A pair of Sea to Sky athletes received a huge boost to their competitive careers earlier this month.
Whistler Mountain Ski Club alumnus Mikayla Martin and Pemberton luger Trinity Ellis each received $10,000 Fuelling Athletes and Coaching Excellence (FACE) Awards, which are facilitated by Petro-Canada, the Canadian Olympic Committee and the Canadian Paralympic Committee. Martin and Ellis were two of 55 athletes in 40 sports across the country that received the grant for athletes who are expected to make up what's being dubbed Tomorrow's Team Canada.
Both athletes said the money would boost their seasons in a big way.
For Ellis, the grant will help ease some of the travel burdens for the coming season, especially if she cracks the national junior team and qualifies for events in Europe.
She said she didn't even know she'd been nominated until she'd won, but receiving the email with the good news was satisfying.
"I was like, 'Oh, no way!'" Ellis recalled. "I was pretty happy and pretty excited for that.
"It'll really help with my training and travel fees... It's a huge stress off of myself and my family's shoulders."
Ellis will head to Calgary in early October to train and race for her spot on the national team before returning to Whistler for more training.
"By early November, I'll know," she said about potentially making the team. "I'm excited. It's been a long summer and I'm ready to get back."
Martin, who recently moved to Calgary from Squamish after being named to the Alpine Canada NextGen ski-cross team in the spring, said the grant would play a major part in defraying her moving expenses.
"That grant helps me a lot with the financial side of things," she said. "The grant was a bit of a relief, too.
"Part of it will go towards the team fee and part of it will go towards moving to Calgary."
This will be Martin's first year of competitive ski-cross as she transitions from alpine racing. After attending the NextGen tryouts last spring and falling in love with the sport, Martin decided to pursue it full-time. It also had some other fringe benefits, as she was required to reside in Calgary, which gave her the chance to enter her first year of postsecondary education at the University of Calgary. Martin is currently in open studies, taking classes in economics, kinesiology and psychology.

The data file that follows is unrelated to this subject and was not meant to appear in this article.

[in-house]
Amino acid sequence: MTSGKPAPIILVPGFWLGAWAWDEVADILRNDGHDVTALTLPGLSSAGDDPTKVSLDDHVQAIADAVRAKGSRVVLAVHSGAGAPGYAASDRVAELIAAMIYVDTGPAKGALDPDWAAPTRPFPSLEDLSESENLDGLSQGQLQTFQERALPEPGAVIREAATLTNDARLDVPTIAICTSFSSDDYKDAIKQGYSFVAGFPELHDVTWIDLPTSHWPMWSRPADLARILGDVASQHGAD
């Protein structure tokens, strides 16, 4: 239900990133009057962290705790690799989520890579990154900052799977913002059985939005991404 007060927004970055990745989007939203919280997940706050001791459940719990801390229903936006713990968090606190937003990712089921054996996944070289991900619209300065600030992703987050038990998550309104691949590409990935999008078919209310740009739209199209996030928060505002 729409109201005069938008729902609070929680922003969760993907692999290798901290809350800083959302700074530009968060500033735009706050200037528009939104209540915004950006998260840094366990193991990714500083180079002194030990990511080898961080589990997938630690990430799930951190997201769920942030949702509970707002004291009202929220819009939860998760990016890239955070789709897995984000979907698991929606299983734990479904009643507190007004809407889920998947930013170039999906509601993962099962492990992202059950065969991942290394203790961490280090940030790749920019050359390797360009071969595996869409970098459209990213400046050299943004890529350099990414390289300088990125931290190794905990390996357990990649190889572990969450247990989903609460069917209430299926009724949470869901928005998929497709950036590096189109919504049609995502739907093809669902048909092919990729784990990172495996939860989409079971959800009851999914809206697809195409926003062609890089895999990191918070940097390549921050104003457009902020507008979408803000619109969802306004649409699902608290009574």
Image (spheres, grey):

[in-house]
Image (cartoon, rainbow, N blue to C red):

Alongside that course load, she's doing two training sessions a day while "patiently waiting for the snow to fly." After training camps in Whistler and at Mount Hood, the athletes are continuing their work in the gym until Nakiska Mountain Resort opens for the season. Martin's first NorAm ski-cross race is slated for January, so she'll have plenty of time to prepare.
"I'm very new to the sport and haven't done any races. I don't really have any specific performance goals because I don't know where I stack up against my teammates and my competition," she said. "I went to the ski-cross camp in May and I was exhausted, but I loved it. Then it basically took off from there. A couple weeks later, I got a call and I was on the development team. It was a big decision to make whether I wanted to stay in alpine or not, but I'm happy with the switch. I think it's more my style and allows me to challenge myself."
Martin said the biggest changes she's working on have to do with strategy and jockeying that she didn't need to consider when it was just her against the clock.
Like Ellis, Martin knew little about the grant, saying Alpine Canada said they were nominating her but didn't think much of it until receiving word her application was successful.
The FACE grants have aided over 2,700 athletes to the tune of $10 million since they were launched in 1988. Past recipients include local ski-cross legend Marielle Thompson and other Olympic medallists like figure skater Patrick Chan and hockey player Hayley Wickenheiser.